Sometimes things get a little bumpy. You might hit a dead end during the design process, finding yourself plagued with self-doubt, or worse yet, a creative block. Clients can come and go, and when most of them go, what do you need to do to make ends meet?
Three very different documentary films I’ve watched over the past few years touch on process and purpose, as well as resilience: Comedian, Starring Adam West, and Spielberg. The challenges the individuals faced in these films may be very similar to some of the hurdles you encounter on a routine basis as a designer, illustrator, developer or artist. They’re a reminder that you need to know your purpose as a designer, always keep your head in the game, and surround yourself with trustworthy comrades to give you sage advice. Here are the three big lessons I’ve picked up from some of these documentary films.
1. Find Your Purpose
Are you still in a position where your parents don’t necessarily understand what exactly it is that you do as an artist, designer or illustrator? You’re not alone. But if you find yourself struggling to justify what you do and why you do it—for yourself or for others—there’s only one thing you have to do: get over it and just do you. In Comedian (2002), one of the world’s most popular stand-up comedians—who also had a television show you might have heard of—takes a close look at the life of a stand-up comic.
Seinfeld gives an in-depth look at what it’s like to be a comedian, from being on stage to coping with self-doubt, crafting your jokes and creating sets, all the way to craving fame and fortune. Over the years, I’ve met designers who are also hungry for fame and fortune, but I find myself wondering “Why?” Seinfeld has wise words for comedians who pursue fame and fortune, and everybody should build it into their philosophy and process. Seinfeld has a process that works for him, from the way he creates his jokes, to the way he treats the audience. But his process is his process and it might not work for everyone. And even though he found fame and fortune—take note: it isn’t always about landing a big break or making it big. The work is what matters most. Seinfeld calls stand-up comedy “a special thing” and truth be told, so is design. Enjoy what you do and enjoy the process.
2. Staying in the Game
Speaking of fame and fortune—and making it big—Adam West was big. How big? He starred as Batman! He made the cover of Life magazine. And yet, he didn’t have a star on the Hollywood Walk of Fame. Worse yet, he hit a lull early in his career that would have made most people give up their life’s work entirely. Director James E. Tooley launched a Kickstarter campaign to raise money and create the Starring Adam West (2013), about an iconic performer who never gave up, despite the many hardships he faced.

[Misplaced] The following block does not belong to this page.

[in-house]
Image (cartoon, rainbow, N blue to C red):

Like West, you may have had ups and downs. Clients come and go. You might find yourself taking on jobs just to help pay the bills. Or worse yet, you’re stuck in a situation where the work you do isn’t your idea of a dream job. It can be hard to get the work you want. Despite being Batman—or perhaps because of it—West found difficulty landing roles once his run on the Batman television show came to an end in 1968. West, who died in June 2017 at age 88, was humble and self-deprecating throughout his career. He took on both small and large projects, as well as projects that some actors might arrogantly frown upon. His career arc is a lesson in resilience and tenacity—two qualities a designer or non-designer should possess. Even when you’re down, you’re not out, and you’ve got to keep going, keep moving, keep working. If you lose a job or a client, tackle that passion project you’ve always dreamed of. Strengthen your portfolio. Be thankful for the work you have, and the work you can find. And if you want something more, keep moving forward and stay in the game.
3. Finding Camaraderie
Steven Spielberg‘s 1975 movie Jaws is considered by many to be the first ever “summer blockbuster.” But the film’s production was plagued by problems, many of which caused Spielberg to wallow in self-doubt. But he didn’t give up. And why would he? The man had been making movies since he was a child. The HBO documentary Spielberg (2017) takes a close look at the man, his craft, and the people who helped him along the way.
Love him or hate him, Spielberg has made a lot of movies: producing 162 and directing 55, according to IMDb. But even though he’s amassed a large body of work—and plenty of accolades—he’s always been critical of himself and his work. The community of filmmakers he surrounded himself with during his early and later years is a testament to the power of discourse, and the importance of sharing your work with others who will give you honest, constructive criticism. Freelance designers and illustrators would benefit from doing the same, with trustworthy and talented people providing you routine input. Even if it’s through social media or email, getting feedback when you’re stuck on a problem can help you get out of a rut, or see things from a fresh perspective. Communication is a big part of what we do, so don’t get trapped in your own shell.
On the Watch
Have other documentary films inspired you? Shown you how to work better, work more confidently? Share your thoughts with us on Twitter using #nondesigndocfilms. And if you need more movie recommendations, check out “5 Must-See Movies for Designers.”
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